Cover: The Evolution of Air Force System Acquisition Management

The Evolution of Air Force System Acquisition Management

Published 1972

by W. D. Putnam


Download eBook for Free

FormatFile SizeNotes
PDF file 1.5 MB

Use Adobe Acrobat Reader version 10 or higher for the best experience.


Purchase Print Copy

 Format Price
Add to Cart Paperback39 pages $20.00

Describes the history of the system acquisition process from 1917. Originally, a project engineer followed design and manufacture of equipment. In the early 1950s, a project office managed acquisition of weapon systems acquired through a single prime contractor. The ballistic missile program had adopted the unique "package program," under which funding and programming decisions were made in concert and review channels abbreviated. In the late 1950s, system acquisition decisionmaking was centralized in the Department of Defense. In 1960, after an intensive study, an Air Force working group recommended the package program with one locus of responsibility for each phase of development. Residual functions were to be reduced and finally absorbed into a new Aerospace Weapons Command. An intricate compromise was struck in lieu of this drastic step. A major command realignment in 1961 created an interim organization. The procedures are currently being altered, but the central problems of reduction and recombination remain.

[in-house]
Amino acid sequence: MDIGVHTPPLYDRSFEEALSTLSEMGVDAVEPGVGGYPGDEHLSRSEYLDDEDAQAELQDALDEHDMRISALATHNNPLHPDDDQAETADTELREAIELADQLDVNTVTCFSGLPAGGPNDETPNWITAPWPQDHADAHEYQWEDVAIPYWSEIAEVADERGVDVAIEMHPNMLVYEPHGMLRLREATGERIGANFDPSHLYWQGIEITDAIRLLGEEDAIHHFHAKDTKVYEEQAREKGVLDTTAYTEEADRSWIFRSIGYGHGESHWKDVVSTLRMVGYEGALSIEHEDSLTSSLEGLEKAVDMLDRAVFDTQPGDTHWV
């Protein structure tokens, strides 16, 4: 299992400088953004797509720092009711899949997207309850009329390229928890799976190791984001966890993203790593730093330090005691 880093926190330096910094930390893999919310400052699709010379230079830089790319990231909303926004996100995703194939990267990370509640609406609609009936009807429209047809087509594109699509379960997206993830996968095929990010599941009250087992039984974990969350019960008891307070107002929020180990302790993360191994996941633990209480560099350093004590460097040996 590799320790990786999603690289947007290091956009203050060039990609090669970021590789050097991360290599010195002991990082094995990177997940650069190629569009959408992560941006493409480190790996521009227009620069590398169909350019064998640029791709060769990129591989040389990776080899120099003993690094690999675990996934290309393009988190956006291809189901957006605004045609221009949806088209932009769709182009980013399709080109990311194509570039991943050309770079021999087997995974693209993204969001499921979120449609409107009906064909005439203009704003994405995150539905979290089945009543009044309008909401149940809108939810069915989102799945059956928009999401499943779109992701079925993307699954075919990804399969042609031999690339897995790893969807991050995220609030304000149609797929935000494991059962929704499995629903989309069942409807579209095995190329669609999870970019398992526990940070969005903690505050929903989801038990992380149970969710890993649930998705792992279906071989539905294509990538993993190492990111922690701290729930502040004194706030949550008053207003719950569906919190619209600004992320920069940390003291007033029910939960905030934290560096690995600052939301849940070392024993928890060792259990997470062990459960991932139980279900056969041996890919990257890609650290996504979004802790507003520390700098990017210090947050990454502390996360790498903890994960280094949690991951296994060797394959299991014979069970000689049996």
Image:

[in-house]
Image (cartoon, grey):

This report is part of the RAND report series. The report was a product of RAND from 1948 to 1993 that represented the principal publication documenting and transmitting RAND's major research findings and final research.

This document and trademark(s) contained herein are protected by law. This representation of RAND intellectual property is provided for noncommercial use only. Unauthorized posting of this publication online is prohibited; linking directly to this product page is encouraged. Permission is required from RAND to reproduce, or reuse in another form, any of its research documents for commercial purposes. For information on reprint and reuse permissions, please visit

RAND is a nonprofit institution that helps improve policy and decisionmaking through research and analysis. RAND's publications do not necessarily reflect the opinions of its research clients and sponsors.